Army Alpha & Army Beta & Psychology: History, Theories & Results

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  • 0:00 Intelligence Testing…
  • 1:02 Alpha and Beta Tests
  • 2:26 Yerkes' Theories
  • 3:08 Lasting Impact of Alpha & Beta
  • 4:01 Alpha & Beta Tests Controversy
  • 4:42 Lesson Summary
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Lesson Transcript
Instructor: Joe Ricker
Army Alpha and Army Beta intelligence testing were crucial in assessing and classifying individual soldiers during World War I. This testing expanded beyond the military and has had a significant global impact.

Intelligence Testing Background

As the United States entered into World War I, they were faced with trying to develop a competent and efficient army out of draftees who were often uneducated. Army Alpha and Army Beta testing emerged in an effort to gauge the abilities of individual soldiers by measuring their intelligence. This testing was developed by psychologist Robert Yerkes, with the help of several colleagues.

The American Psychological Association volunteered to aid in the war effort, and Yerkes was appointed as part of a committee tasked with developing a mental test that could be given to a large number of military personnel. The test was necessary to determine in what capacity each person would most benefit the army and the war effort. The Intelligence Quotient (IQ) test proved impractical as a gauge for large numbers of soldiers in determining particular occupations. With the new method of intelligence testing, the military could determine whether or not a person was fit for military service and classify people according to their abilities.

Alpha and Beta Tests

With a staff of 40 psychologists, Yerkes was able to develop two different tests for intelligence. The first test, the Alpha, was a written test made up of true/false and multiple-choice questions that assessed things like the ability to follow directions, arithmetic, and analogies. The Army Alpha test was distributed to determine whether draftees could read English, but also to evaluate soldiers so that they could be assigned to tasks or training in alignment with their abilities.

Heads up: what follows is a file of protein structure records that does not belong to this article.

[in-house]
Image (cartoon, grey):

The Army Beta test was developed for those men with limited literacy who were unable to respond to the written test. The instructions for the test were provided using pictures and other symbols, and it tested using things like mazes, identification of patterns, and picture completion.

Psychologists aimed to make the tests fairly comparable. Soldiers were given a letter grade and those who received the lowest grade were deemed unfit for service. The men who received a letter grade higher were given simple duties. The men who received scores in the middle of the distribution performed regular soldier duties. Those with higher scores were trained as officers.

The classification system provided by the test was considered very useful at the time because of its ability to make selection decisions for large numbers of men. By the end of World War I, 1.75 million men had been tested using the Army Alpha or Army Beta test. As a result of the testing, 8,000 men were discharged as unfit for service, and nearly two-thirds of the 200,000 commissioned officers were selected for their positions.

Yerkes' Theories

The tests were developed at a time when psychologists and educators were hoping that the proper distribution of manpower resources would result in a more efficient and organized society. When it came to the war, Yerkes and his colleagues were attempting to create a military machine where men were organized and stratified in such a way that they could be fully utilized. He even stated, 'the proper utilization of man power, and more particularly of mind and brain power, would assure ultimate victory.' Though the test was originally meant to single out those who were intellectually unfit to serve, it ended up becoming the mechanism by which men would fit into the military machine. 'Intelligence,' he said, 'is likely to prove the most important single factor in determining a man's value to the military service.'

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